I remain self-possessed

Except when a street piano, mechanical and tired

Reiterates some worn-out common song

With the smell of hyacinths across the garden

Recalling things that other people have desired.

Are these ideas right or wrong?


III

The October night comes down; returning as before

Except for a slight sensation of being ill at ease

I mount the stairs and turn the handle of the door

And feel as if I had mounted on my hands and knees.

“And so you are going abroad; and when do you return?

But that’s a useless question.

You hardly know when you are coming back,

You will find so much to learn.”

My smile falls heavily among the bric-à-brac.


“Perhaps you can write to me.”

My self-possession flares up for a second;

This is as I had reckoned.

“I have been wondering frequently of late

(But our beginnings never know our ends!)

Why we have not developed into friends.”

I feel like one who smiles, and turning shall remark

Suddenly, his expression in a glass.

My self-possession gutters; we are really in the dark.


“For everybody said so, all our friends,

They all were sure our feelings would relate

So closely! I myself can hardly understand.

We must leave it now to fate.

You will write, at any rate.

Perhaps it is not too late.

I shall sit here, serving tea to friends.”


And I must borrow every changing shape

To find expression … dance, dance

Like a dancing bear,

Cry like a parrot, chatter like an ape.

Let us take the air, in a tobacco trance—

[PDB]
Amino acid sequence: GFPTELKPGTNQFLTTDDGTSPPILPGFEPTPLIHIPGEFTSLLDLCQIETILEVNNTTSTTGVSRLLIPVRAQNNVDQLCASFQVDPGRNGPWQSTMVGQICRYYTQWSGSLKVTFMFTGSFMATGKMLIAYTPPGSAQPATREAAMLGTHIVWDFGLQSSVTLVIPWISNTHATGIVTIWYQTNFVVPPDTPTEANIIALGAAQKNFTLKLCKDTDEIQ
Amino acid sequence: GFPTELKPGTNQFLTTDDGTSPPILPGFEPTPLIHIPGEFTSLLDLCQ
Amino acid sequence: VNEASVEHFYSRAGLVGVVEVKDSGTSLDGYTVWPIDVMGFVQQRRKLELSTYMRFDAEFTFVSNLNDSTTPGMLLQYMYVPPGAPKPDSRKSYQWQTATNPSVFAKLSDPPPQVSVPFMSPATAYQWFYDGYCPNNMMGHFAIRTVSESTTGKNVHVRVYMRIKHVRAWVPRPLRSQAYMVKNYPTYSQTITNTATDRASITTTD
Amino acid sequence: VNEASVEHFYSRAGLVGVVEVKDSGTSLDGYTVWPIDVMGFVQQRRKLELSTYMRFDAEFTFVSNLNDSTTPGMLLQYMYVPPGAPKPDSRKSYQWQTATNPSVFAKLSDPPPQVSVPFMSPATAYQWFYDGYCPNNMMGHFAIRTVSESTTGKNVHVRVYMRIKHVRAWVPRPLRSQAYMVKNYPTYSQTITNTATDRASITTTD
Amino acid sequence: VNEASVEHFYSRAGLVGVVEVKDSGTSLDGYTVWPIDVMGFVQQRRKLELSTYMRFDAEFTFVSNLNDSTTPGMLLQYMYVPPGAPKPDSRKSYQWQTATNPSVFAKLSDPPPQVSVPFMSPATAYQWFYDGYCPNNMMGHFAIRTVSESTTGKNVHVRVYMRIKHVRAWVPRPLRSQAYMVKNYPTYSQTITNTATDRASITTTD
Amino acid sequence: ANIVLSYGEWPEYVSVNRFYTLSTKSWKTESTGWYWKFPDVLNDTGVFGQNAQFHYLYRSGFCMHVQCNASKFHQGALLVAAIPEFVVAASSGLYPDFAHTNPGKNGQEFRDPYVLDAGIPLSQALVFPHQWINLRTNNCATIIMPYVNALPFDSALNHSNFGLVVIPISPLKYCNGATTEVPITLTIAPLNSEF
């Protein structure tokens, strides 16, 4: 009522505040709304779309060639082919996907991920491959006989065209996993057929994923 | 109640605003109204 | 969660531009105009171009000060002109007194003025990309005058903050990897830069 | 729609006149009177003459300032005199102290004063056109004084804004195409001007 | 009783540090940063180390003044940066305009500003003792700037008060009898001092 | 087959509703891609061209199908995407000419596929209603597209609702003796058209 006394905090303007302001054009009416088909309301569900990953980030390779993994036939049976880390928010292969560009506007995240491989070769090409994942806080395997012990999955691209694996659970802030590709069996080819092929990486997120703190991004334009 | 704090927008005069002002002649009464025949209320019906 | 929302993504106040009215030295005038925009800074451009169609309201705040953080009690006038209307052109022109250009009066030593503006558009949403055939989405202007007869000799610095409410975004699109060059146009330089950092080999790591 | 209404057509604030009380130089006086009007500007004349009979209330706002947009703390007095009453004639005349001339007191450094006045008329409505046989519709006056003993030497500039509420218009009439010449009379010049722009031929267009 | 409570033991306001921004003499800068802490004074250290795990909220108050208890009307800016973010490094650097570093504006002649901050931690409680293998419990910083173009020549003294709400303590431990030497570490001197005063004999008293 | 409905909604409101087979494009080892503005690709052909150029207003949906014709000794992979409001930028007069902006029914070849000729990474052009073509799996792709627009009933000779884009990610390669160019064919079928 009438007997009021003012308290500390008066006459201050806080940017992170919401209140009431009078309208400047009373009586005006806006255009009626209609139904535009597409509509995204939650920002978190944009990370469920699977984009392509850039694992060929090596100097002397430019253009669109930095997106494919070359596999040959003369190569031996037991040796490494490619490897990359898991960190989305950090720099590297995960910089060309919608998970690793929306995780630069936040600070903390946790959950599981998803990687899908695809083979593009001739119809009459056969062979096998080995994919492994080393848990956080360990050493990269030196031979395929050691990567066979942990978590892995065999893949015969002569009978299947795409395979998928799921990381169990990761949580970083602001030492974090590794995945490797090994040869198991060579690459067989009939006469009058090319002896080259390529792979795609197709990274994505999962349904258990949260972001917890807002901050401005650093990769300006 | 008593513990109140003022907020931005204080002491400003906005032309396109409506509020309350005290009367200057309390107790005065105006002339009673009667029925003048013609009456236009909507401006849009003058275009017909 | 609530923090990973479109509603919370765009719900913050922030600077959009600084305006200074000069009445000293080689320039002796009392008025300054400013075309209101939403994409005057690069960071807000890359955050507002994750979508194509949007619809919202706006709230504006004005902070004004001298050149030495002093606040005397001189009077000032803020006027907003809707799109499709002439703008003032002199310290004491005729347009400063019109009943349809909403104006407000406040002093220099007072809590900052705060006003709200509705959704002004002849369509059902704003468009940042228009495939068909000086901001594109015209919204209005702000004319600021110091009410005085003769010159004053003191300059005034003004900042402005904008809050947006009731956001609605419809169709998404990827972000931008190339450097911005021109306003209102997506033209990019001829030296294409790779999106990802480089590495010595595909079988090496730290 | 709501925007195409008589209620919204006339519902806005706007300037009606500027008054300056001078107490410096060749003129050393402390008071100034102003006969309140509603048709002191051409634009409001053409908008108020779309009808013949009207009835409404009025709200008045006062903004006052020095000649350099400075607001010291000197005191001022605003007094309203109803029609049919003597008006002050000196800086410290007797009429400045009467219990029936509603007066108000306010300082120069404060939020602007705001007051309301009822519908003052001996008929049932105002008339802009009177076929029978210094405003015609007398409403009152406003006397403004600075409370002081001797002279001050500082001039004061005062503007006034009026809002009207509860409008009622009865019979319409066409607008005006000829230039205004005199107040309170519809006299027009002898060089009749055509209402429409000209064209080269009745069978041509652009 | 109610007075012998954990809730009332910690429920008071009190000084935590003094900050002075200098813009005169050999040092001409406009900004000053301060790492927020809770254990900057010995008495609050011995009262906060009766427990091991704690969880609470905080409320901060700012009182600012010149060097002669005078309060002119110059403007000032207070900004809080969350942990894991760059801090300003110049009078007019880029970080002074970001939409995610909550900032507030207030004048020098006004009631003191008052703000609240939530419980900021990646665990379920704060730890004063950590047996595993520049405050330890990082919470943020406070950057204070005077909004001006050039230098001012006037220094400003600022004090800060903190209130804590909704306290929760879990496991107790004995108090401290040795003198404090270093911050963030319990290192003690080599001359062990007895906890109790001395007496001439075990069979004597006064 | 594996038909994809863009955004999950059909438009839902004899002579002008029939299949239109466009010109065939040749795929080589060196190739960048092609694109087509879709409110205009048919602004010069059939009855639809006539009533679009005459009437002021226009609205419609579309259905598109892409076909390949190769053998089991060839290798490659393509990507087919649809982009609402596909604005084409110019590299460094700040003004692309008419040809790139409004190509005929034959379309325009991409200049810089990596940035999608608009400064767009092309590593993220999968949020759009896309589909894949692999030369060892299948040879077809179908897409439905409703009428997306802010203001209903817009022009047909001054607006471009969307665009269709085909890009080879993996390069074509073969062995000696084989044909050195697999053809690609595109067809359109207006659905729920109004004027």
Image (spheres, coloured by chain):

Well! and what if she should die some afternoon,

Afternoon grey and smoky, evening yellow and rose;

Should die and leave me sitting pen in hand

With the smoke coming down above the housetops;

Doubtful, for a while

Not knowing what to feel or if I understand

Or whether wise or foolish, tardy or too soon…

Would she not have the advantage, after all?

This music is successful with a “dying fall”

Now that we talk of dying—

And should I have the right to smile?


'Portrait of a Lady' was first published in 1915.

The poem's title is widely seen to be derived from the novel by Henry James with the same title. The poem employs as an epigraph the famous quotation from the play by Christopher Marlowe, 'The Jew of Malta', "Thou hast committed - / Fornication: but that was in another country, / And besides, the wench is dead."

The poem, 'Portrait of a Lady', is one of the two Boston poems written by Eliot - the other is 'The Love Song of J. Alfred Prufrock'. The poems give the reader an insight into upper class society of the time as something rather empty and forlorn. The main focus of the poem, however, is the speaker, who in his own depiction of this Lady who belongs to this upper class society as soulless and empty, reveals himself as the one who is truly callous and unfeeling.



_


Yeats also presents the more dismal side of relationships in 'Wild Swans at Coole', where the swans fly in 'great broken rings' with 'clamorous wings'. On the surface, these descriptions may sound beautiful, but when they are examined more closely, it can be seen that there are deficiencies within them and that the swans are perhaps not as elegant or flawless as they may seem. This effect is created when Eliot describes the Lady 'slowly twisting the lilac stalks' - Loulwa